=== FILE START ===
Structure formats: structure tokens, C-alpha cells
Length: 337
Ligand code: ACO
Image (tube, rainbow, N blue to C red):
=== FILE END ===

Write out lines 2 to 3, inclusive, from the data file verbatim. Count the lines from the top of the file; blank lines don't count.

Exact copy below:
Length: 337
Ligand code: ACO